The Centre is planning to cap trade margins on drugs in stages, starting with 45 percent and then lowering it to 30 percent, reports Business Standard.
The trade margins may be rationalised for one category of medicines at a time, the report said.
The pharmaceutical industry has given in-principle approval for the plan, and are discussing the move with the government, a source told the paper.
Moneycontrol could not independently verify the report.
But Cipla, Alkem, and some other pharmaceutical majors have opposed the proposed move since they have a significant business in unbranded generic medicines, the report added.
Trade margins for branded generics are standardised (currently around 30 percent), while those on unbranded generics vary.
At present, around 19 percent of the Rs 1.3 lakh crore domestic pharmaceutical market is under price controls.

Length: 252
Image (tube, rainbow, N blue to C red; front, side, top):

For scheduled medicines, the trade margins are 8 percent to the stockist and 16 percent to the retailer. For non-scheduled products, it is 10 percent and 20 percent respectively, the report said.
The National Pharmaceutical Pricing Authority (NPPA) sets the cost of scheduled drugs, while the prices of non-scheduled drugs are permitted to rise by as much as 10 percent annually.
“As a manufacturer, our discretion is to fix the maximum retail price and then the trade margins for branded generics are standard. However, for promotional schemes, at times, manufacturers offer higher margins to the trade,” the sales head of the cardio-diabetic division of a pharmaceutical company told the publication.